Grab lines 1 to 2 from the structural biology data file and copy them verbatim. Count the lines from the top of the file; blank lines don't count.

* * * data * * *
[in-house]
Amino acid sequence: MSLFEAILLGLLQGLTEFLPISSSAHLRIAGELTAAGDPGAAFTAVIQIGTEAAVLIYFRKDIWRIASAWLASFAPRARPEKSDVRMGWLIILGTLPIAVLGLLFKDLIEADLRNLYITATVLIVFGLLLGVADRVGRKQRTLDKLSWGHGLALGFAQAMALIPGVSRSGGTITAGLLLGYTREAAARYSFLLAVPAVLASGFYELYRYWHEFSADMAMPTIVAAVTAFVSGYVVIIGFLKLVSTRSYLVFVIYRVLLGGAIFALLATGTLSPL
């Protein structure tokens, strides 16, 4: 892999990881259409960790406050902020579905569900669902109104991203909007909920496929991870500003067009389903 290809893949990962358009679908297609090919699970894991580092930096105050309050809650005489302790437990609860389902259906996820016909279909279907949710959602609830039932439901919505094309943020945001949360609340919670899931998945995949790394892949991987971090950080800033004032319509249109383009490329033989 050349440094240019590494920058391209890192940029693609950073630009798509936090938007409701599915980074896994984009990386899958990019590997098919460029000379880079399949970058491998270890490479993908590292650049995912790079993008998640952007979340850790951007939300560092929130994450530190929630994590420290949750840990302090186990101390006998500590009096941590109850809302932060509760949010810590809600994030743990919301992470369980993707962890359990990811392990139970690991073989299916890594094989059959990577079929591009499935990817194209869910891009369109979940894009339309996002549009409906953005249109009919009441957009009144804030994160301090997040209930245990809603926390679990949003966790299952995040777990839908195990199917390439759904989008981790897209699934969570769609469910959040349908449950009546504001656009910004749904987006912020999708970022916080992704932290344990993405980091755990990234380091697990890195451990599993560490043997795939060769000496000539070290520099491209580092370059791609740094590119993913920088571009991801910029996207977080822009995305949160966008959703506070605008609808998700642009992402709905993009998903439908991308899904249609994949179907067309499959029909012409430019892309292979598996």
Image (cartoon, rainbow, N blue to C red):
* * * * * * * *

[in-house]
Amino acid sequence: MSLFEAILLGLLQGLTEFLPISSSAHLRIAGELTAAGDPGAAFTAVIQIGTEAAVLIYFRKDIWRIASAWLASFAPRARPEKSDVRMGWLIILGTLPIAVLGLLFKDLIEADLRNLYITATVLIVFGLLLGVADRVGRKQRTLDKLSWGHGLALGFAQAMALIPGVSRSGGTITAGLLLGYTREAAARYSFLLAVPAVLASGFYELYRYWHEFSADMAMPTIVAAVTAFVSGYVVIIGFLKLVSTRSYLVFVIYRVLLGGAIFALLATGTLSPL